Verily I say unto thee, that Kelsey Bjarnason spake thusly:
> On Sat, 27 Jun 2009 12:16:28 +0100, Homer wrote:
>>> Right, because, of course, every business developing new ideas
>>> should be mandated to hand over those ideas immediately
>> Those ideas are not those companies' property to "hand over" in the
>> first place, objectively speaking. In law - yes, but not
> Right, because *they* didn't spend millions or billions developing
> the ideas. Oh, wait, they did.
You're completely stuck on this idea that the act of simply "spending
money" should give someone an intrinsic "right" to do something immoral,
like make unsupportable claims of "owning" knowledge. It doesn't.
> But of course, *you* should have free access to them all
Correct. I am not responsible for companies misguidedly investing in
unethical business methods.
> because you contributed... er... sorry, what was your contribution
> again? Nothing? Ah, yes, that explains why you should have free
> reign over their ideas.
Assuming you could prove that I had in no way ever contributed to the
sum total of all knowledge, from which this hypothetical company
benefits (and thus derives their so-called "IP"), how would you propose
proving the same for the other several trillion people to have ever
walked and breathed on planet earth?
Can you wake the dead?
> Do you folks ever stop to actually think about what you're posting?
Yes, in fact the problem of Intellectual Monopoly is pretty much all I
do think about, currently, and I have plenty of time on my hands since
> And yet it's precisely because my company spent the money that the
> idea got developed, turned into something useful, where it wasn't
I'm only too happy to /pay/ for the tangible manifestations of others'
work. And if I were an employer, I'd also be happy to pay for their labour.
What has any of this got to do with the immoral premise of "owning" ideas?
> But let's ignore that, and ignore the money required to do that, and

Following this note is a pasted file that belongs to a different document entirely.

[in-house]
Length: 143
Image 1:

> just whine that the idea should be free to everyone, everyone who
> contributed absolutely nothing to developing the idea
You can never prove that. Indeed it's grossly arrogant to even make that
assumption. How can you possibly know the true origins of all knowledge?
> just cuz, neener, neener. Yes, makes perfect sense.
Well I suppose it wouldn't really make any sense, if you reduced my
wholly accurate observations down to the level of an adolescent taunt.
>>> because this, obviously, is the best possible thing for its
>>> future, its workers, its shareholders. None of that silly-ass
>>> stuff about, oh, actually making money matters.
>> It matters, but there is more than the false dichotomy of just this
>> one way of "making money". I'm sure it also "matters" to bank
>> robbers that they be successful, should that mean we support their
> Why does it figure someone defending thievery would defend thieves?
I'm not the one defending thieves though, you are. It's the false claim
of "Intellectual Property" that's theft, not my assertion that it should
never have been stolen to begin with.
>>> Tell you what, Skippy, how about you toss that notion out to
>>> 1,000 random companies pouring millions - or billions - into R&D
>>> and see how well that notion goes over.
>> If the extent of this activity somehow lends credence to its
>> justification, then presumably you also support the idea that
>> copyright "piracy" is equally justified, since by all accounts it
>> is a global epidemic.
> Again, nice defence of thieving.
But again, this is /your/ defence, not mine.
You're claiming that because "everybody does it" then it's justified.
Well, according to that same line of reasoning - /your/ logic - the same
must be said of copyright infringement.
> Also, nice complete ignoring of the bit about contributing.
It's laughably ironic that you should accuse /me/ of ignoring others'
contribution, when /you're/ defending the right to claim exclusive
ownership of knowledge accumulated from countless unnamed contributors.
> You remember, the company contributed money to developing the idea
That's not a contribution, it's their business risk, and a risk taken on
the back of contributors who aren't even deemed worthy enough to even be
attributed by this company, much less compensated. Not that it's
possible to attribute every person, living or dead, who may have
conceived any of the many ideas this company claims exclusive "rights" to.
> the thief simply takes it? If the thief wants the ideas
The society which contributed this knowledge is not the "thief", the
Intellectual Monopolists are.